It is common for organisations to require the services of an external consultant for specialist services. Shane Rendalls provides a guide to getting what you want from your consultants.
If chosen wisely, the investment in a consultant can offer significant benefits; leveraging external experience, knowledge and technical skills to deliver a cost-effective solution to the problem at hand.
If chosen haphazardly, you can spend a lot of money and time as well as experience frustration to reach an outcome that doesn’t meet your needs.
To ensure you always choose wisely, consider these six key steps to make the selection of a consultant easier and achieve value for money.
- Think about the problem
- Prepare a short (100-150 words) background for the project. Why are you doing this?
- Prepare brief dot points describing what you want from the project; such as:
- Key objectives
- Who needs to be consulted and how
- Key deliverables and what they should look like
- Major milestones to monitor progress
- How you want to be kept informed of progress – regular email updates, progress reports, regular meetings/teleconferences?
- Do you want the engagement to provide learning and development opportunities for your staff?
- Write down what a successful outcome would look like to you. Imagine at the end of the consultancy you are describing the project to a colleague and telling them what worked well.
- Discuss the project with a few consultants
Most consultants will be happy to give you and your team 1-2 hours to discuss and work through the problem you want to address, different approaches and the resources required. Consultants appreciate the opportunity to meet with you, as a well-prepared project brief makes it easier to design an approach and proposal that will meet your needs and budget. It is also an opportunity to develop their profile and keep them attuned to what is happening in the sector.
What you get out of it, a platform to test your ideas before releasing a tender for consultancy services. Remember the more specific you are, the better placed the consultant is to give you what you want. So, do not ask for a whole bunch of nice to haves, as this will expand scope and cost. Keep focussed!
- Finalise your tender
Use the information from the preliminary meetings with consultants to finalise your tender or EOI document. The following structure works well:
- Cover page- Tender summary
- Upper price (if there is an upper limit)
- Date for commencement of project
- Date of final deliverable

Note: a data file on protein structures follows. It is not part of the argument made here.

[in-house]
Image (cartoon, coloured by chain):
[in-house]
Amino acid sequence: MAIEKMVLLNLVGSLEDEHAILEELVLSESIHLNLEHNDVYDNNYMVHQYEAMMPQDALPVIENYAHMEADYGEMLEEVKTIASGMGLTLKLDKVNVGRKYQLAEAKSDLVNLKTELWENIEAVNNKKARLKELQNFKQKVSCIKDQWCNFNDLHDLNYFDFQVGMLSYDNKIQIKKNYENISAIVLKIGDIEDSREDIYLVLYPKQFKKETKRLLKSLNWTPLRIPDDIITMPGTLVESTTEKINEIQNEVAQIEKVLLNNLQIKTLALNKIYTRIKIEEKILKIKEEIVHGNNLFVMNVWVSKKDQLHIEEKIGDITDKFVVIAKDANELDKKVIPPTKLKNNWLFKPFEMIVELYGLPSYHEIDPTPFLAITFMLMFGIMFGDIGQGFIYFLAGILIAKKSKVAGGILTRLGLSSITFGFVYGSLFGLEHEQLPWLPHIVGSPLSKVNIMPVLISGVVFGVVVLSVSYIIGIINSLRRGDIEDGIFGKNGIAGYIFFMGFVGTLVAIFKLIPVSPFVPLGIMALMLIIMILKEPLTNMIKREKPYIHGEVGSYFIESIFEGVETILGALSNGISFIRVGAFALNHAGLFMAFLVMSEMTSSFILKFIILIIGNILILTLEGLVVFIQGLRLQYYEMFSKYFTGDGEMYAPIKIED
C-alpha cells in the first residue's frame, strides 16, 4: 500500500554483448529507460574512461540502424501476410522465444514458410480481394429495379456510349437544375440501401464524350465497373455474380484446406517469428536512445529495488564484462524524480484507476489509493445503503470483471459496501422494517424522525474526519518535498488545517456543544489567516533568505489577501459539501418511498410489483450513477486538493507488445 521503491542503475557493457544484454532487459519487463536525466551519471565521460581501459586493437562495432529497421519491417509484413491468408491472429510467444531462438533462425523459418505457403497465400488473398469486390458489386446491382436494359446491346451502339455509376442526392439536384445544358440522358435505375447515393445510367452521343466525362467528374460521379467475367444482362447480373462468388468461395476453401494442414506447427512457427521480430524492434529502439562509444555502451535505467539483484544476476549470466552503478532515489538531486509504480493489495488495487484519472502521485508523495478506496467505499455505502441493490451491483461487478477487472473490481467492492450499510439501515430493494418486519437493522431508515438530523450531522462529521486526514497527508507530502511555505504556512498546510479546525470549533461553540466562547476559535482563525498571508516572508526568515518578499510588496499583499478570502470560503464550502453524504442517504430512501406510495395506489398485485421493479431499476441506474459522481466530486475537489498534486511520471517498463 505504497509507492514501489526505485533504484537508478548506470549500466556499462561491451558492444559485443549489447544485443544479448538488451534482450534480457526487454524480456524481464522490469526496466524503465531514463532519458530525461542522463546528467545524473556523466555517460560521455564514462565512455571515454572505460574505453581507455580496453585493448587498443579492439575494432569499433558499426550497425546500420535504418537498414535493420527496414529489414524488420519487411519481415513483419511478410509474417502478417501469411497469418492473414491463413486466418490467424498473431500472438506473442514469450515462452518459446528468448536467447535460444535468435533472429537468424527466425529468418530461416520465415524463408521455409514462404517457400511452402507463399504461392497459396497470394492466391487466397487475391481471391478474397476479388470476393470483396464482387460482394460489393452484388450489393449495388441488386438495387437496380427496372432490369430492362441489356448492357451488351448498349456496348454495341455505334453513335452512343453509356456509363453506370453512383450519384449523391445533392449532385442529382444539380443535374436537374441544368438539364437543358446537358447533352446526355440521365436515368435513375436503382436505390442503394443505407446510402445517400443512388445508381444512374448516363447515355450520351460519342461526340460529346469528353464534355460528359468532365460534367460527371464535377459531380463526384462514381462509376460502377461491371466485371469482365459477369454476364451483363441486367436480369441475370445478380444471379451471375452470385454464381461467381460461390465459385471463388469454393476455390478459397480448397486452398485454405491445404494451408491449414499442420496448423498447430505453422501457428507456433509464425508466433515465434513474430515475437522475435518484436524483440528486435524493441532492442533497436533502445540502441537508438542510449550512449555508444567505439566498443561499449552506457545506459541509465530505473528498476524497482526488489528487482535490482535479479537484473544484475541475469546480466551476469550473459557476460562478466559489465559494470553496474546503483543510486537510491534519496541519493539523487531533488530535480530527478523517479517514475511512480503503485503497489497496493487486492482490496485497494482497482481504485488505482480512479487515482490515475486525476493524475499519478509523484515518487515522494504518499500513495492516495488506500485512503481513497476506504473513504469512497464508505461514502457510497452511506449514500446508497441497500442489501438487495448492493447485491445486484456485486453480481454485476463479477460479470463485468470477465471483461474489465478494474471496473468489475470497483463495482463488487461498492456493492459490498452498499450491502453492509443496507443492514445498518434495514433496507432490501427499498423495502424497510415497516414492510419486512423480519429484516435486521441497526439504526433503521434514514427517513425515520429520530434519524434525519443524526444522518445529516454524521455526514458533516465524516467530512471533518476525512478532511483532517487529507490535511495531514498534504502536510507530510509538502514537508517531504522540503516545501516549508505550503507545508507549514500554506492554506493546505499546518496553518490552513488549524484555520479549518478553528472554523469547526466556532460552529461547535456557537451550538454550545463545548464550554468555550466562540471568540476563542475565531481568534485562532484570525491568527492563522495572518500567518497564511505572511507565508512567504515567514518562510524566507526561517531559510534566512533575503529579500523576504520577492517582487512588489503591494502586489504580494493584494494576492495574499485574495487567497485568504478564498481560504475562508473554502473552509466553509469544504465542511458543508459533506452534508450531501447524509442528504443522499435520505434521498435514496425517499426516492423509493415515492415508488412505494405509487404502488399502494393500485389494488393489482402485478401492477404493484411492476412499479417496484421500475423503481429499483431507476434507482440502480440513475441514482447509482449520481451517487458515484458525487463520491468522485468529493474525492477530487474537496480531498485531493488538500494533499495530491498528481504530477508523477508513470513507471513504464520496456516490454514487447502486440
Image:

- Key contact
- Deadline for responses
- Process for submitting responses – email (to whom); hard copy (where/address)
- Selection criteria (larger tenders)
- Requirements of the project
- Background to the project
- Objectives and scope
- Consultation requirements
- Key deliverables
- Timeframe for major milestones, draft and final deliverables
- Pricing and costing
- Days and rate of people working on the project, by each key component, inclusive of GST
- Project costs, by type – on-costs, travel, etc – inclusive of GST
- Payment schedule – based on deliverables/milestones
- Examples of other relevant experience
- Referees – at least three from relevant projects undertaken by key team members working on this project
- Project team and CVs.
- Short listing potential consultants
- Check your organisations policy on procurement. For smaller projects, most organisations can send a request for proposal or EOI to several consultants. Larger projects may require an open tender.
- For smaller projects:
- Who have you worked with previously?
- Talk to colleagues about consultants they have used and would recommend
- Consider a sector Bulletin Board
- Is there a Panel of Consultants list you can access? For example, state health departments have panels of pre-approved consultants across a range of skillsets.
- Posting your tender
- Include a clear timeframe for responses
- Provide a contact for requests for further information
- Indicate if you want consultants to provide an indication of interest
- For fairness, some services will email questions and answers to all consultants who have provided an indication of interest.
- Use a selection criteria:
- Based on the requirements of the project specified
- Weighted to reflect relative importance
- Take the time to read through each proposal carefully:
- Does it flow and tell a story, taking you through each step of what will be delivered and how it contributes to the overall outcome
- If the proposal doesn’t read well or make sense, it is an indicator that the deliverables won’t either
- Check that the time allocated against key staff matches the tasks proposed:
- Look for experts placed on teams to win the work, but who don’t have the time allocated to do the work
- Ensure the selection committee separately rate each proposal against the selection criteria
- Beware the mystical black box – unless there is a highly technical component (and even in this case unlikely) the approach and method should be easily understood:
- Why are they proposing to do this step of the project?
- What value will it add to the overall project?
- What are the resources allocated to this step?
- If you don’t understand something; speak up:
- If there are steps that do not add value, or not in scope, ask for these to be removed and for the price to be reduced
- If there are steps missing these may need to be added
- Have consultants submitting proposals come and present their proposal to answer your questions?
- Ask for a best and final offer.
If you are planning a large and significant piece of work, it may be worth considering the engagement of a consultant to help you prepare your tender and work through the procurement process.
Shane Rendalls is an Associate Lecturer with the St Vincent’s Clinical School, Faculty of Medicine, UNSW and a partner of Synergy Health and Business Collaborative and cofounder of BeHeard. You can contact him at firstname.lastname@example.org